COUNCILLORS not attending council meetings due to their jobs, is one of the reasons why a shakeup of Powys County Council scrutiny committees is set to happen.
The remit of the Economy, Residents and Communities scrutiny committee is also deemed to be too wide and parts of it will be handed over to other committees.
Making the committees smaller is a consequence of the overall total number of councillors dropping from 73 to 68 at the local election last year.
Committee seats are traditionally shared out depending on how many councillors are in a group – the biggest get more seats and so on.
But non-aligned councillors don’t automatically get put on committees – they can be offered seats if other groups have vacancies – but are under no obligation to take them up.
The Democratic Services committee met on Friday, February 17, to discuss the problems which include groups not being able to fill their quota.
Head of legal and democratic services, Clive Pinney said: “More members are in full or part time employment and having some difficulty in getting released for those committees.
“It’s generally accepted that the remit of the Economy, Residents and Communities scrutiny committee is too wide, it’s basically most things in the council apart from Social Care and Education, the recommendation spreads that workload out.”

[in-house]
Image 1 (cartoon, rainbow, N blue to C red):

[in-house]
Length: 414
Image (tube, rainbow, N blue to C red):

The Conservative group who don’t have an issue filling their allocation want to keep the numbers as they are.
Cllr Peter Lewington (Conservative) said: “I’m looking for a better reason than members can’t attend as they have outside employment.
“Why stand for election if you don’t have the time to do the job?
“We shouldn’t change or reduce our level of scrutiny because it interferes with their employment, we can’t have a part time democracy.”
Labour’s Cllr Sarah Williams (Labour) said: “I work part time and I’m finding it difficult keeping up at the moment – with some of the Labour party members in cabinet the rest of us are left picking up more work.
“Our workload is a huge amount more than non-aligned (councillors) who are not sitting on committees.”
Cllr Peter Lewis (Conservative) pointed out that in the past, councillors would be asked for reasons for non-attendance and might be compelled to appear before the Standards committee to explain themselves.
With meetings being held in hybrid or online formats he believed it was “easier” to attend meetings.
“The council should be policing this like it was when I started in 2008,” said Cllr Lewis.
Cllr Angela Davies (Liberal Democrat) chairs the Economy, Residents and Communities scrutiny committee.
Cllr Davies said: “The remit of my committee is huge we don’t have enough meetings in the year to scrutinise everything we’re responsible for.”
A majority of councillors agreed to drop the councillor numbers from 14 to 11 and to restructure the committees.
Their recommendation will be debated at a full council meeting in March.
The proposed new scrutiny committees are:
- Children and Young People scrutiny committee with the remit of – children’s social services and legal services.
- Economy and Environment, with the remit of – highways, transport, recycling, property, planning, public protection, digital, economy and finance.
- Adults and Housing scrutiny committee: adults social services, social car commissioning, housing, community services, workforce and organisational development.